Each Spring, as this first flush of the gardening season comes to a close, I find myself becoming a bit nostalgic, wandering around the garden, savoring the remaining spent blossoms on some of my favorite spring flowers. Why in Spring, you may ask, would I possibly experience a sense of nostalgia, perhaps even a tad of sadness, when I have two more seasons of robust gardening ahead of me?
Several answers come to mind. But I think the one that feels most authentic is the following: that as I get older, I exponentially appreciate the beauty of each of my flowering friends and their ability to share their yearly life cycles with me in such a generous way. Observing their ’passing on’ this year serves as a gentle reminder to me that I too am a living, organic part of this universe that is composed of an infinite amount of energy. Perhaps too, in my baby boomer years, I realize that I cannot afford to take one single day for granted. Intermittently, I will hear a still small voice inside of me whisper: “Enjoy this minute. Who knows how many more years you will have gardening?”
The arching, rapidly climbing, delicate flowered violet colored bush (pictured above) charms all who come near it. I forgot the name of it but I do remember buying it from Heirloom Roses. It is a late bloomer: this year it remained tightly budded up while the rest of my roses finished their first bloom period. And then with great exuberance, overnight it seemed, it trumpeted its awakening with dozens of those delicate, purplish colored flowers popping open and cascading recklessly over the fence. The bloom period wasn’t nearly long enough to satisfy my insatiable thirst to take it all in: perhaps only two weeks. But it was at the tail end of its bloom period, sometime last week, just a day after the blooms were at their apex, that I stood gazing at this bush. And it is precisely at this stage of bloom, when the flowers were just beginning to wilt a smidgen, right before the the flowers began to scatter their petals on the ground, that I was overtaken with emotion due to the awesome nature of this specimen.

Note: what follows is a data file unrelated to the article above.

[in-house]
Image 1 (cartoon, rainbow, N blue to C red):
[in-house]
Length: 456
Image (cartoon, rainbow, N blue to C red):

I’m also a sucker for the transparent silhouette of alliums as their robust bloom period come to an end. In the photo below, Allium christophii still adds texture and a much appreciated vertical/rounded shape to the plants surrounding them. It will take a strong wind or heavy rain storm before I remove their stalks from my hillside garden.
Lessons to be learned from my ramblings…..if there are any at all….on this cool, cloudy day in Pennsylvania: marvel at the natural beauty that surrounds you during each season. Don’t get so caught up or driven in the ‘end result’ of your garden that you forget to take time to inhale, with all of your senses, every morsel of nature that surrounds you. We are so lucky to be gardeners. It is a gift. It is up to each of us to treasure it.